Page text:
Is Trust Self-Fulfilling? An Experimental Study
AbstractA person is said to be `trust responsive` if she fulfils trust because she believes the truster trusts her. The experiment we report was designed to test for trust responsiveness and its robustness across payoff structures, and to disentangle it from other possible factors making for trustworthiness, including perceived kindness, perceived need, and inequality aversion. We elicit the truster`s confidence that the trustee will fulfil, and the trustee`s belief about the truster`s confidence after the trustee receives evidence relevant to this. We find evidence of strong trust responsiveness. We also find that perceptions of kindness and of need increase trust responsiveness, and that perceptions of kindness and need raise fulfilling rates only in conjunction with trust responsiveness.
Download InfoIf you experience problems downloading a file, check if you have the proper application to view it first. In case of further problems read the IDEAS help page. Note that these files are not on the IDEAS site. Please be patient as the files may be large.
Bibliographic InfoPaper provided by University of Oxford, Department of Economics in its series Economics Series Working Papers with number 76.
Date of creation: 01 Oct 2001
Date of revision:
trust game; experiment; trust responsiveness; kindness; need to trust; belief elicitation;
Find related papers by JEL classification:
- C79 - Mathematical and Quantitative Methods - - Game Theory and Bargaining Theory - - - Other
- C92 - Mathematical and Quantitative Methods - - Design of Experiments - - - Laboratory, Group Behavior
- D84 - Microeconomics - - Information, Knowledge, and Uncertainty - - - Expectations; Speculations
You can help add them by filling out this form.
CitEc Project, subscribe to its RSS feed for this item.
- Brian S. Collins & Robin Mansell, 2004. "Cyber trust and crime prevention: a synthesis of the state-of-the-art science reviews," LSE Research Online Documents on Economics 4252, London School of Economics and Political Science, LSE Library.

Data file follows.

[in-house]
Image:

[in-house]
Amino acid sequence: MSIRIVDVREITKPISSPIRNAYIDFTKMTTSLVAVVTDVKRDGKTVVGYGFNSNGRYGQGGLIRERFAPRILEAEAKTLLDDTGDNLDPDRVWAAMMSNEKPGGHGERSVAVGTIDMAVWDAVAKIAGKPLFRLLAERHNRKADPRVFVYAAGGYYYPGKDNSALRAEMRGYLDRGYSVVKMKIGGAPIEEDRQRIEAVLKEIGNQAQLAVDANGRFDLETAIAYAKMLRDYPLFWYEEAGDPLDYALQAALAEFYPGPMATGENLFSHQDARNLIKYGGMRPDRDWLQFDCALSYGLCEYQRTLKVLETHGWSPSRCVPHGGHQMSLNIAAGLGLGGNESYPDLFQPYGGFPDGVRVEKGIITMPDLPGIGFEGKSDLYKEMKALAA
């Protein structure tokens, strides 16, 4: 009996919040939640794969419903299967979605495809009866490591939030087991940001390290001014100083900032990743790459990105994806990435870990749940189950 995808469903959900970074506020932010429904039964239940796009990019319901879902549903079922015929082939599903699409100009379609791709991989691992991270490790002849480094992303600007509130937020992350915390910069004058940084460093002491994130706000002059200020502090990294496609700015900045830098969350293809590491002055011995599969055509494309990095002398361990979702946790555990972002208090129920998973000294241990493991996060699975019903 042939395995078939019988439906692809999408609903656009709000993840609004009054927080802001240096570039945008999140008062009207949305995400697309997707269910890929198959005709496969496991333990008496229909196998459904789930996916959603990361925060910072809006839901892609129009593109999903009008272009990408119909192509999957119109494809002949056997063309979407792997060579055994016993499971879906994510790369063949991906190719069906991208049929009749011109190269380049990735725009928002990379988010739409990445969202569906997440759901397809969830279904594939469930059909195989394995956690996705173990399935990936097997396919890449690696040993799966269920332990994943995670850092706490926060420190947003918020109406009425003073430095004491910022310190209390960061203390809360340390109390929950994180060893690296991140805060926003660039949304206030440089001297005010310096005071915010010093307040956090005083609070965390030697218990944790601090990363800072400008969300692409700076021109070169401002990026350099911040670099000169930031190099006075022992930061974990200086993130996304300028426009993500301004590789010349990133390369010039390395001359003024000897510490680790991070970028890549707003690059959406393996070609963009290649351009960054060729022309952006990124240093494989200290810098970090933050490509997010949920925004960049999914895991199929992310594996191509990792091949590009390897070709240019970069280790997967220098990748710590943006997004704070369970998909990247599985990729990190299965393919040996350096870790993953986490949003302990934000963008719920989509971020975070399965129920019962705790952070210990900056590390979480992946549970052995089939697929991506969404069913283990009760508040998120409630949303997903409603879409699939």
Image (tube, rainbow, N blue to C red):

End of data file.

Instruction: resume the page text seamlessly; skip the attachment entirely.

- Pelligra, Vittorio, 2006. "Trust, Reciprocity and Institutional Design: Lessons from Behavioural Economics," AICCON Working Papers 37-2006, Associazione Italiana per la Cultura della Cooperazione e del Non Profit.
- Alessandro Innocenti & Maria Grazia Pazienza, 2006. "Altruism and Gender in the Trust Game," Labsi Experimental Economics Laboratory University of Siena 005, University of Siena.
- Gary Charness & Martin Dufwenberg, 2004.
"Promises and Partnership,"
122247000000000001, UCLA Department of Economics.
- Alessandro Innocenti & Maria Grazia Pazienza, 2004. "Experimenter bias across gender differences," Department of Economics University of Siena 438, Department of Economics, University of Siena.
- Charness, Gary & Dufwenberg, Martin, 2003.
"Promises & Partnership,"
Research Papers in Economics
2003:3, Stockholm University, Department of Economics.
- Charness, Gary B & Dufwenberg, Martin, 2006. "Promises & Partnership," University of California at Santa Barbara, Economics Working Paper Series qt0127h86v, Department of Economics, UC Santa Barbara.
For technical questions regarding this item, or to correct its authors, title, abstract, bibliographic or download information, contact: (Caroline Wise).
If references are entirely missing, you can add them using this form.